Strong Southern Ocean carbon uptake evident in airborne observations

Up in the air

Understanding ocean-atmospheric carbon dioxide (CO2) fluxes in the Southern Ocean is necessary for quantifying the global CO2 budget, but measurements in the harsh conditions there make collecting good data difficult, so a quantitative picture still is out of reach. Long et al. present measurements of atmospheric CO2 concentrations made by aircraft and show that the annual net flux of carbon into the ocean south of 45°S is large, with stronger summertime uptake and less wintertime outgassing than other recent observations have indicated. —HJS

Abstract

The Southern Ocean plays an important role in determining atmospheric carbon dioxide (CO2), yet estimates of air-sea CO2 flux for the region diverge widely. In this study, we constrained Southern Ocean air-sea CO2 exchange by relating fluxes to horizontal and vertical CO2 gradients in atmospheric transport models and applying atmospheric observations of these gradients to estimate fluxes. Aircraft-based measurements of the vertical atmospheric CO2 gradient provide robust flux constraints. We found an annual mean flux of –0.53 ± 0.23 petagrams of carbon per year (net uptake) south of 45°S during the period 2009–2018. This is consistent with the mean of atmospheric inversion estimates and surface-ocean partial pressure of CO2 (PCO2)–based products, but our data indicate stronger annual mean uptake than suggested by recent interpretations of profiling float observations.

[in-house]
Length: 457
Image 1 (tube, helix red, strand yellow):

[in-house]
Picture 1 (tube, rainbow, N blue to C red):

Long M. C., Stephens B. B., McKain K., Sweeney C., Keeling R. F., Kort E. A., Morgan E. J., Bent J. D., Chandra N., Chevallier F., Commane R., Daube B. C., Krummel P. B., Loh Z., Luijkx I. T., Munro D., Patra P., Peters W., Ramonet M., Rödenbeck C., Stavert A., Tans P. & Wofsy S. C., 2021. Strong Southern Ocean carbon uptake evident in airborne observations. Science 374: 1275-1280. Article (subscription required).


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